Thanks to everyone for sharing your thoughts. The "happy bike" idea is quite interesting. I build bicycle frames as a hobby. Mostly from steel, tig'd and brazed, occasionally lugged. There are certain frame geometries and tubing diameters/thicknesses that produce wonderfully happy road bikes. Other such combinations do the same for various dirt applications. However, changes in rider weight, size, power, and riding style could turn a happy bike into an unhappy one. I know what to do to correct for these difference but the variables and my adjustment window is finite. My precision within the window is limited by material availability and time. Adding many layers to the creation of a "happy bike" such as an engine and electronics package, aero and ride height devices, suspension and multiple compound tires seems to make the concept almost impossible.

Perhaps the "happy bike" is the bike that is surrounded by a supportive cast, crew, and rider who work with what they have each race weekend and produce solid results. The rc213v from 2019 might be an example, but only on the mm93 side of the garage. Of course if the happy bike is the one which produces the best results for the greatest number of pilots and teams then the current gp22 seems like a great example. 

Given the 2 examples I wonder which bike saw on average the most setup changes necessary across the season and how large those changes were.

"Remembering here that everything is relative, these things are incredible machines with incredible riders, nothing is bad per se, it's just fractionally less incredible than the competition."   .. an excellent point

@Seven4nineR I recall reading a while ago that KTM/WP had poached one of the head engineers from Ohlins to help develop their MotoGP suspension.

My thoughts exactly. For pecco to get 2 points more is practically a non issue. Absolutely no pressure on him so he isn't even going to be making mistakes. Which means he will ride well which means he will end up higher than 14th. 

I do hope there are more overtakes in general next year. And that fabio wins his title back.

As long as Pecco doesn't have an actual DNF, then it is almost completely impossible for him to not collect the required points.  There are 24 bikes and 8 of them are Ducatis, so even if Fabio disappears into the distance to win (highly unlikely) and Pecco's bike is running on two cylinders or he crashes and picks the bike up and is able to limp around with no footpegs or something, all that will be required is for all other seven Ducatis to drop down the order and ride behind him and he will finish 16th even if every single bike makes it to the finish.  If there are two retirements (not uncommon) he will get his 14th.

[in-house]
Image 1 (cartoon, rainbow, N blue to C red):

The other and more likely outcome is what one of the three Ducati stooges said in an interview recently.  Yes, there will be manufacturer orders - a Ducati must win, ANY Ducati!  As long as Fab does not go P1 the title is Pecco's even with a DNF.  It will however be tragically hilarious if Bagnaia, Bastianinni and Martin are all dicing for the podium spots with Fabio a distant 4th and they all take each other out and Fab wins the race and title.  I would just love watching the three stooges reactions.  Sad, but entertaining!

I wish that happened though.. the last time I wished something this ridiculous to happen in motogp was 2015 valencia. 

 

#bruce_almighty_scene_repeat

Pecco's engine goes pop, Martin skittles Miller, Zarco considers the race philosophically unwinnable in a calm abstract manner, a classic battle erupts between Bastianini and Fabio for the win but Suzuki take the flag first and finally.

Valencia 2021 GP, top quality 15 min Review video - shall we get ready?

https://m.youtube.com/watch?v=J5IGtsZzyMg

There is much more going on than just Bagnaia putting a bow on the Championship. Don't you think? 

Goodbye Suzuki may have some tears as well as cheers. Bezzechi will tailgun masterfully and is blazingly fast now.  Bastianini wants to win, and can. Marquez is back. Yadda yadda yadda...

Go Bastianini!

:)